For as many years as anyone can count, cities in Kansas have been required to publish whatever ordinances they enact.
After years of heated lobbying, primarily by interests in suburban Kansas City, our legislators and governor caved in this spring and did away with decades of tradition.
House Bill 2166, effective July 1, allows cities to stop publishing ordinances in independent publications, where average citizens can find and read them. Instead, cities are allowed to publish single-phrase summaries of new laws and point citizens to the full text on websites that the cities control and can alter at any time.
True, ordinances often are dull reading, and it costs money to publish them. However, requiring the full text of ordinances to be published in a place the city itself does not control was an important safeguard.
By the city’s own admission, the City of Marion website is a jumbled mess that excludes ordinances that have been passed, includes ordinances that have been repealed, and generally can’t be trusted to be an authoritative source for what’s the law and what isn’t.
It isn’t just the website that’s the problem. The city itself seems to have trouble finding or remembering its own ordinances, as was recently demonstrated when the city administrator violated one of them by restoring twice-weekly trash pickup without first asking that an ordinance, passed just a year earlier and allowing for only once-weekly pickup, be repealed.
The mistake was promptly corrected, but only because a printed copy of the ordinance could be found in the archived pages of this newspaper. The city’s website played no role.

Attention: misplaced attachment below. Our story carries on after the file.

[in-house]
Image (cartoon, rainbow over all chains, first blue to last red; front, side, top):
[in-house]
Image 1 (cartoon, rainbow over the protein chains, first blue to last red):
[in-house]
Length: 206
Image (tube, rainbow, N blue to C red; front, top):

This week, the city is taking advantage of the new loophole allowing publication of summaries only. If you pay very close attention — they are quite small — you will find them in our Classified section even though, by rights, we could have refused to publish them because the city missed deadline for this week’s paper.
When our paper hits the street, we will be checking the city’s website to see whether the ordinances actually got posted there. The new law requires that “a reproduction of the original ordinance is available for a minimum of one week following the summary publication in the newspaper.” As of this writing, a workday after the summaries were sent to us, the full text could not be found online.
One week to remember to check a website, which half the city can’t do anyway because it chose not to pay for Internet access, isn’t exactly the type of permanence and prominence we have grown to expect from city ordinances.
Yes, we at the newspaper have a vested interest. Printing a summary instead the full ordinance means we will get less revenue, which in turn will give the city more to spend on outside consultants and lobbyists to figure out other ways in which it can save money by cutting out local businesses.
However, this is more than just a matter of sour grapes or the city trying to hurt us financially for covering controversial news. Local government is supposed to be better than distant government because it is closer to the people, helps support local businesses, and engages citizens more intimately.
We seriously doubt that you, the reader, would continue to support us if we published only a slip of paper each week, saying that there was a lot of news; go to our website or drop by our office and read it.
Why should government be able to get away with something you wouldn’t allow anyone else to do?
— ERIC MEYER